RstephensonJR's blog

Institutional Memory – Lest We Forget

Your nonprofit has a history of funding from a variety of foundations, a few local businesses, maybe a special-purpose state grant. Congratulations. Now a new person takes the proposal writer’s chair, it’s time for reports and renewals, so the newbie asks the basic questions: “Did we get a grant from the XYZ Foundation? How much? When? Who did we work with over there?”

DUNS Bites the Dust

If your organization applies for Federal funding, you’ve gotten to know the commercial data firm Dun & Bradstreet—more specifically its unique numeric identifier called the DUNS number. Your organization probably has (or had) a DUNS number, along with 300 million others, so the Feds could tell exactly which agency or organization you are.

Some Advice about Credibility

One of the most important elements in a persuasive proposal is the “qualifications and credentials” of the organization and its people who will actually carry out the work. It’s also one of the easiest to get wrong, or just wrong enough to derail the application. These are some of the mistakes nonprofits have made and some ways to avoid them.

A Half-Century of the Five Percent Rule

In the philanthropic Dark Ages (before 1969) there was no rule that said foundations had to make any grants with their money. Congress more or less closed that loophole with the Tax Reform Act of ’69. There were complications and ambiguities, but in 1976 the “five percent payout requirement” was set in stone. It’s been the default standard for grant-making foundations ever since.

It’s About More Than Money

Writing proposals and winning grants are important elements in the ecosystem of philanthropy. It’s easy to see the world through that lens – find the money, ask for the money, get and spend the money, rinse and repeat – but it might be helpful to think about the process in a different, more holistic way.

Balancing Data & Drama

Nonprofits are often urged to “use storytelling” to make the case for support. There’s nothing, they say, like a compelling story to drive home the nature of the problem or the opportunity for action. At the same time, foundations ask specific questions and make specific requests for data to make the case: how many, how fast, what metrics, how to monitor and measure and plot your impact.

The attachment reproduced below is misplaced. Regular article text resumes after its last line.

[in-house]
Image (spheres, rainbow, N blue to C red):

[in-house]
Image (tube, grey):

Name Dropping?

It’s time for the board to come up with names of people with whom the nonprofit should make contact—for a request, for inside information about a community program, for any good purpose that benefits the growth and thriving of the organization. “Well, let’s go around the table and share some of the people you know so we can reach out,” suggests the development director.

Proposal as the Tip of the Iceberg

There’s a lot of blood, sweat and tears involved in creating a compelling, persuasive and fundable proposal. No wonder nonprofits put a lot of eggs in that basket. At the risk of a ticket from the metaphor police, maybe we need to spend more time caring for the chickens and ensuring that those eggs are well-nourished. A lot of work needs to be done before, and in preparation for, a terrific proposal. These are some of the important elements of the iceberg which lie below the surface.

Matching the Grant to the Proposal

Seems simple: you prepare and submit a proposal asking for a grant to help support the afterschool program, you get an award letter and a check – then it turns out that you really need the funds to go toward a high school mentoring project that’s run out of money. Well, it’s education, right? Helping kids? Shouldn’t be a big deal?

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